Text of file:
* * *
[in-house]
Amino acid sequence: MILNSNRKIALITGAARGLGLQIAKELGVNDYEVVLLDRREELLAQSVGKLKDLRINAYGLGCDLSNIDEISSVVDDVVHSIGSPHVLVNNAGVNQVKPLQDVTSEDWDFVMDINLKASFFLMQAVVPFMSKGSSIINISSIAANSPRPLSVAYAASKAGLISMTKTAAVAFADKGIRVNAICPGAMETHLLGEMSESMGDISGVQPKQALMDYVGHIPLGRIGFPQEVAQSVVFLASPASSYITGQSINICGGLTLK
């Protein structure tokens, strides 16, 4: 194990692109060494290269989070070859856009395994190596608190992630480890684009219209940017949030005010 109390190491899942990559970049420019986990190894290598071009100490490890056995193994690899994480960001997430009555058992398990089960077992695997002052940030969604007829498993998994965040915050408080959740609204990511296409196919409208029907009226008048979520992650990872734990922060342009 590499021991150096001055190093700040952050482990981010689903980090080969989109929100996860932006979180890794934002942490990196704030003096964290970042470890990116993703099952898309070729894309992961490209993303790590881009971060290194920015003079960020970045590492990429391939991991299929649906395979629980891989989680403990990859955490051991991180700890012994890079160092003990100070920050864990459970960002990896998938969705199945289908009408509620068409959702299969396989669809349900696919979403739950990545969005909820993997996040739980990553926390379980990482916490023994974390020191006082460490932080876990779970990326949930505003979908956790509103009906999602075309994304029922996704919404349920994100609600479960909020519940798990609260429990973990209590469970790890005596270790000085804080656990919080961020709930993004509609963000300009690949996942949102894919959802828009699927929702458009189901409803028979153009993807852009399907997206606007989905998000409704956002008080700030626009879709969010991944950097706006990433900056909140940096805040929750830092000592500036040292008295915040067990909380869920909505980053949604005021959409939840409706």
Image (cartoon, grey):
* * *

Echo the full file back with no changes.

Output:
[in-house]
Amino acid sequence: MILNSNRKIALITGAARGLGLQIAKELGVNDYEVVLLDRREELLAQSVGKLKDLRINAYGLGCDLSNIDEISSVVDDVVHSIGSPHVLVNNAGVNQVKPLQDVTSEDWDFVMDINLKASFFLMQAVVPFMSKGSSIINISSIAANSPRPLSVAYAASKAGLISMTKTAAVAFADKGIRVNAICPGAMETHLLGEMSESMGDISGVQPKQALMDYVGHIPLGRIGFPQEVAQSVVFLASPASSYITGQSINICGGLTLK
């Protein structure tokens, strides 16, 4: 194990692109060494290269989070070859856009395994190596608190992630480890684009219209940017949030005010 109390190491899942990559970049420019986990190894290598071009100490490890056995193994690899994480960001997430009555058992398990089960077992695997002052940030969604007829498993998994965040915050408080959740609204990511296409196919409208029907009226008048979520992650990872734990922060342009 590499021991150096001055190093700040952050482990981010689903980090080969989109929100996860932006979180890794934002942490990196704030003096964290970042470890990116993703099952898309070729894309992961490209993303790590881009971060290194920015003079960020970045590492990429391939991991299929649906395979629980891989989680403990990859955490051991991180700890012994890079160092003990100070920050864990459970960002990896998938969705199945289908009408509620068409959702299969396989669809349900696919979403739950990545969005909820993997996040739980990553926390379980990482916490023994974390020191006082460490932080876990779970990326949930505003979908956790509103009906999602075309994304029922996704919404349920994100609600479960909020519940798990609260429990973990209590469970790890005596270790000085804080656990919080961020709930993004509609963000300009690949996942949102894919959802828009699927929702458009189901409803028979153009993807852009399907997206606007989905998000409704956002008080700030626009879709969010991944950097706006990433900056909140940096805040929750830092000592500036040292008295915040067990909380869920909505980053949604005021959409939840409706």
Image (cartoon, grey):